Adding chiropractic to usual care beneficial for low back pain

May 21, 2018

(HealthDay)—For active-duty military personnel, the addition of chiropractic care to usual medical care is associated with improvements in low back pain intensity and disability, according to a study published online May 18 in JAMA Network Open.

Christine M. Goertz, Ph.D., from the Palmer Center for Chiropractic Research in Davenport, Iowa, and colleagues conducted a three-site pragmatic comparative effectiveness clinical trial involving active-duty U.S. service members aged 18 to 50 years with from a musculoskeletal source. A total of 750 patients were recruited and received usual medical care with or without chiropractic care, which included in the low back and adjacent regions and additional therapeutic procedures.

The researchers found that in all models there were statistically significant site × time × group interactions. At week six, the adjusted mean differences in scores were statistically significant in favor of usual medical care plus chiropractic care versus usual medical care alone for low back , disability, and satisfaction (mean differences, −1.1, −2.2, and 2.5, respectively). For perceived improvement and self-reported medication use, the adjusted odds ratios at week six were also statistically significant in favor of usual medical care plus chiropractic care overall (odds ratios, 0.18 and 0.73, respectively).

"This trial provides additional support for the inclusion of chiropractic care as a component of multidisciplinary health care for low back pain, as currently recommended in existing guidelines," the authors write.

One author disclosed financial ties to the medical device industry.

Explore further: Chiropractic therapy helps reduce acute low back pain

More information: Abstract/Full Text
Editorial

Related Stories

Chiropractic therapy helps reduce acute low back pain

May 15, 2013
(HealthDay)—Military personnel with acute lower back pain (LBP) who receive chiropractic manipulative therapy (CMT) in addition to standard medical care (SMC) show significantly improved scores for pain relief and physical ...

Chiropractic care beats sham therapy for spinal pain

November 19, 2013
(HealthDay)—Short-term chiropractic therapy is more effective than a sham intervention for treating spinal pain, but the difference is not clinically meaningful, according to research published in the Nov. 15 issue of Spine.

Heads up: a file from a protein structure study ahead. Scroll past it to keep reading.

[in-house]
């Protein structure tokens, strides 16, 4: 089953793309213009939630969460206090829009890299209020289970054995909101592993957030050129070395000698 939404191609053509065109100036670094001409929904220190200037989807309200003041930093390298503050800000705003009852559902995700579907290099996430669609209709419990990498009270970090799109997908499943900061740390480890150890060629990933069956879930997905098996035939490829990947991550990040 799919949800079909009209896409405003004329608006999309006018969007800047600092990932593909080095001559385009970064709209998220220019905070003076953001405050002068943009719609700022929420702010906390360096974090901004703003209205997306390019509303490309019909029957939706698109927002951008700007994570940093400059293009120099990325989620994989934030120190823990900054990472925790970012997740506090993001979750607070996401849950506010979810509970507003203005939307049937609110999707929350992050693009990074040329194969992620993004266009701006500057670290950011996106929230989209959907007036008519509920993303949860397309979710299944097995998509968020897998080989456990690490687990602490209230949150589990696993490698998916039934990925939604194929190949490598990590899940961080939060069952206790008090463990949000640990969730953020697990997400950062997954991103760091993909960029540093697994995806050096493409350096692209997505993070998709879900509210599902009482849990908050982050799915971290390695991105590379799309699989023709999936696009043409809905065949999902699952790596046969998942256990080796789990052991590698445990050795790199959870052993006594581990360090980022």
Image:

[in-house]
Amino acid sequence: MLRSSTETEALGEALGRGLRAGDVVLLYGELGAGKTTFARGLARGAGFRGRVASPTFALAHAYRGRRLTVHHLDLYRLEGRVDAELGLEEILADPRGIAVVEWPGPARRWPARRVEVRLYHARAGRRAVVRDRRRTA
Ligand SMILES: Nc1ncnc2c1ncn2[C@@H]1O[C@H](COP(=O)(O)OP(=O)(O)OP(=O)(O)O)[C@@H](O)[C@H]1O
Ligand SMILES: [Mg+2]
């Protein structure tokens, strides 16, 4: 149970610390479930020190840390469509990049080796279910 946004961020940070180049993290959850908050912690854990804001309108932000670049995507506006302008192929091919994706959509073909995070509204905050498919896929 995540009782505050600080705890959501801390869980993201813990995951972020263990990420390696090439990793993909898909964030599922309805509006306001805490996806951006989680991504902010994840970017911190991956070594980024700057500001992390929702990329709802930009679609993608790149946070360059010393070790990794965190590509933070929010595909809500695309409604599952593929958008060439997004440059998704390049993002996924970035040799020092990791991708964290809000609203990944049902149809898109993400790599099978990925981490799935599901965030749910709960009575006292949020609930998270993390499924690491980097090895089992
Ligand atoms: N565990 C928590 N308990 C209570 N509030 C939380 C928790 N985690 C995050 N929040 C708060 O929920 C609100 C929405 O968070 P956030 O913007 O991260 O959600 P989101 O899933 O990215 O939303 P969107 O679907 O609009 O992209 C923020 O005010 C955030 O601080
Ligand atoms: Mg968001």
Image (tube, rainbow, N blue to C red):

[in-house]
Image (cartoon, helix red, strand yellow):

Group CBT, pain education improve pain, physical function

February 27, 2018
(HealthDay)—For patients with chronic pain, literacy-adapted group cognitive behavioral therapy (CBT) and group pain education (EDU) improve pain and physical function compared with usual care, according to a study published ...

Mild adverse events common with chiropractic care

September 20, 2013
(HealthDay)—Adverse events are common after chiropractic care, but seem to be due to non-specific effects and are mostly benign, according to a study published in the Sept. 15 issue of Spine.

The guidelines on low back pain are clear—drugs and surgery should be the last resort

May 16, 2018
Low back pain is the leading cause of disability worldwide and is becoming more common as our population ages. Most people who have an episode of low back pain recover within six weeks, but two-thirds still have pain after ...

Classification-based therapy no better for back pain

February 21, 2012
(HealthDay) -- Treatment of patients with lower back pain (LBP) using a classification-based physical therapy approach shows no statistically significant superiority to treatment with usual physical therapy care, according ...

Recommended for you

RNA processing and antiviral immunity

December 14, 2018
The RIG-I like receptors (RLRs) are intracellular enzyme sentries that detect viral infection and initiate a first line of antiviral defense. The cellular molecules that activate RLRs in vivo are not clear.

Faster test for Ebola shows promising results in field trials

December 13, 2018
A team of researchers with members from the U.S., Senegal and Guinea, in cooperation with Becton, Dickinson and Company (BD), has developed a faster test for the Ebola virus than those currently in use. In their paper published ...

Drug targets for Ebola, Dengue, and Zika viruses found in lab study

December 13, 2018
No drugs are currently available to treat Ebola, Dengue, or Zika viruses, which infect millions of people every year and result in severe illness, birth defects, and even death. New research from the Gladstone Institutes ...

Urbanisation and air travel leading to growing risk of pandemic

December 13, 2018
Increased arrivals by air and urbanisation are the two main factors leading to a growing vulnerability to pandemics in our cities, a University of Sydney research team has found.

Researchers discover new interactions between Ebola virus and human proteins

December 13, 2018
Several new connections have been discovered between the proteins of the Ebola virus and human host cells, a finding that provides insight on ways to prevent the deadly Ebola virus from reproducing and could lead to novel ...

Faecal transplants, 'robotic guts' and the fight against deadly gut bugs

December 13, 2018
A simple compound found in our gut could help to stop dangerous bacteria behind severe, and sometimes fatal, hospital infections.

0 comments

Please sign in to add a comment. Registration is free, and takes less than a minute. Read more

Click here to reset your password.
Sign in to get notified via email when new comments are made.